Thankfulness (2): Parents

Bismillah (in the name of Allah)…

I just finished watching Silver Lining’s Playbook at the request of a friend, and like him to me, I recommend it to anyone who hasn’t seen it (especially because it’ll make this blog post make more sense.) Thirty minutes into the movie when I realized it wasn’t the movie where Mark Wahlberg becomes an Eagles player (Invincible), I shifted my mental expectations and started noticing how special the movie was. Special not because of the love story, or the battle against mental illness, or even because I love Chris Tucker and haven’t seen him in a movie in while, but special through a different lens. It was because of how it painted the relationship between Bradley Cooper’s character and his parents, Robert De Niro and Jacki Weaver. The movie is filled with familial strife as they struggle to deal with both the father and son’s mental illness, but no matter what the parents are there for their son every step of the way. They might not know the perfect thing to say or the right thing to do, but they are there nonetheless. And isn’t that such an easy blessing to overlook? Just the social support given to us by the 2 people who brought us into this world.

I’ve been meaning to write a post about my mom and dad ever since I dreamt up this blog last summer, but I could never verbalize what they mean to me. I’ve often reflected about how so many different people can say things like, “I have the best mom in the world,” or can buy “World’s #1 Dad” mugs and really mean it. Surely not everyone can have the best mom or best dad, especially when my parents provide such stiff competition. But then I started thinking.. maybe everyone can say it sincerely and can be right – it’s a testament to just how important our parents are to us. Anyone who has experienced a mother’s love has the right to say she is the best in the world because it’s just that divine. Think of the purest image you can, and if I’ve successfully incepted you thus far then hopefully it’s something like this: mother-and-child-1902Maybe you pictured them in white, but hey it’s Picasso. I can’t begin to comprehend the love a mother has for her child (especially since I’m not a parent), and biologically I don’t think I’m even capable of expressing it. All I can say for sure is that I know it when I see it, and Alhamdullilah I see it whenever I go home.

The thing that amazes me most, though, is that there’s no perfect roadmap for parents. Most of them just make it up as they go along. And as scary of a thought as that is, it seems to work. As a kid it always seemed like my dad knew everything and that my mom knew what to do in any situation, but only as I got older did I realize that they don’t have all the answers. They make mistakes too. Most of what they know about parenting they learned from watching their parents, and just like them most of what I will do as a parent (God willing) will be because of them. Unfortunately, that’s why people who grow up in a broken home are more likely to have a broken home when they start a family. It’s crazy how in order to learn about Math, English, and History we take classes for almost 2 decades (only to forget most of what we learn), but in order to be good parents there are 0 mandatory classes. That’s just another reason to be thankful for our parents, though. No one can fully prepare them for the responsibility we children are, but we’re blessed when they give it their all anyway.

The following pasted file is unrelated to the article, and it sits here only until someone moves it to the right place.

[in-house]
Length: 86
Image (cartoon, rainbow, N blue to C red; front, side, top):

A little while back, I watched an amazing lecture by Imam Khalid Latif where he talked about showing gratitude, and specifically how he struggled to convey that gratitude to his mother (starting at 13:40, but I’d recommend watching the whole thing.) He acknowledged everything she did for him, but for some reason couldn’t tell her face to face how much she meant to him. So he wrote her a letter. After watching, I tried to thank my mom for all that she does for me, and I couldn’t do it either. So I too vowed to write a letter to both my parents thanking them for all that they do for me. Here’s an excerpt from the letter to my father:

I’m thankful for the genes you gave me, Waseem definitely means handsome and Biology has always been a breeze.

I’m thankful for our guy trips to Ocean City together.

I’m thankful for the countless times you’ve made me laugh or you’ve made others around laugh.

I’m thankful for the days when we watch football together and you always know what the penalty is.

I’m thankful for how you taught me what gup shup is.

I’m thankful that no matter when in my life, you’ve always been there for me…

I’ve finished the letter to my dad, but I don’t even know where to start for my mom. I plan on writing one for her still, but until that time I hoped to inspire anyone reading this to express their gratitude towards their parents. Whether it be a letter or simply saying thank you, just knowing their kids appreciate them is a joy for any parent. So go now, don’t delay! In the wise words of Kanye (don’t worry – it’s pre-Kardashian), “People never get the flowers while they can still smell ’em.”

Happy [grateful] Reflecting,



2 thoughts on “Thankfulness (2): Parents

  1. Boom Baye Baye says:

    I love you, Naj ❤

  2. […] Jennifer Lawrence movies, but I guess they put me in a reflective mood (see Silver Linings Playbook reflected upon below…) It’s not just the Hunger Games, though, but I suppose the lot of movies […]

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